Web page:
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This page lists useful security-related HTTP headers. In most architectures these headers can be set in web server configuration ([ Apache], [ IIS]), without changing actual application's code. This offers significantly faster and cheaper method for at least partial mitigation of existing issues, and an additional layer of defense for new applications.
#redirect [[OWASP_Secure_Headers_Project]]
{| border="1"
! Field name
! Description
! Example
|[ Strict-Transport-Security]
|Enforces secure (HTTP over SSL/TLS) connections to the server. This reduces impact of bugs in web applications leaking session data through cookies and external links.
|<code>Strict-Transport-Security: max-age=16070400; includeSubDomains</code>
| [ X-Frame-Options], [ Frame-Options]
| [[Clickjacking]] protection. Values: ''deny'' - no rendering within a frame, ''sameorigin'' - no rendering if origin mismatch, ''allow-from: URL'' - allow rendering frame if loaded from ''URL''
| <code> X-Frame-Options: deny</code>
| [ X-XSS-Protection]
| This header enables [[Cross-site scripting]] (XSS) filter built into most recent web browsers. It's usually enabled by default anyway, so role of this headers is to re-enable for this particular website if it was disabled by the user.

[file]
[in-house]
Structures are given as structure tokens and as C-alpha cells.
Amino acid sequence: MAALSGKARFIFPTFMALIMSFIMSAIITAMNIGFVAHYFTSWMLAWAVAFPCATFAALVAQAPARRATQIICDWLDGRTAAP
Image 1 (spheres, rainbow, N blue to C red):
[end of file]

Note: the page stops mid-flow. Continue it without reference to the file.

| <code>X-XSS-Protection: 1; mode=block</code>
| [ X-Content-Type-Options]
| The only defined value, "nosniff", prevents Internet Explorer and Google Chrom from MIME-sniffing a response away from the declared content-type. This also applies to [ Google Chrome], when downloading extensions. This reduces exposure to drive-by download attacks and sites serving user uploaded content that, by clever naming, could be treated by MSIE as executable or dynamic HTML files.
| <code> X-Content-Type-Options: nosniff </code>
|[ X-Content-Security-Policy, X-WebKit-CSP]
|[[Content Security Policy]] definition. Requires careful tuning and precise definition of the policy. If enabled CSP has significant impact on the way browser renders pages (e.g. inline JavaScript disabled by default and must be explicitly allowed in policy). CSP prevents a wide range of attacks, including [[Cross-site Scripting]] and other cross-site injections.
|<code>X-WebKit-CSP: default-src 'self'</code>
==Real life examples==
Below examples present selected HTTP headers as set by popular websites to demonstrate that they are indeed being used in production services:
As of January 2013 [ Facebook] main page was setting these security related HTTP headers.
'''Strict-Transport-Security:''' max-age=60
'''X-Content-Type-Options:''' nosniff
'''X-Frame-Options:''' DENY
'''X-WebKit-CSP:''' <small>default-src *; script-src https://*
  http://* https://* http://* *
  * * ** **
  'unsafe-inline' 'unsafe-eval' https://* http://*;
  style-src * 'unsafe-inline'; connect-src https://* http://*
  https://* http://* * **
  https://* ws://** http://*;</small>
'''X-XSS-Protection:''' 1; mode=block
Especially interesting is Facebook's use of [ Content Security Policy] (using Google Chrome syntax), whose implementation can be [ challenging] for large sites with heavy usage of JavaScript.
As of January 2013 [ Google+] main page was setting these security related HTTP headers:
'''x-content-type-options:''' nosniff
'''x-frame-options:''' SAMEORIGIN
'''x-xss-protection:''' 1; mode=block
As of May 2013 [ Twitter] main page was setting these security related HTTP headers:
'''strict-transport-security:''' max-age=631138519
'''x-frame-options:''' SAMEORIGIN
'''x-xss-protection:''' 1; mode=block

Latest revision as of 16:09, 26 May 2016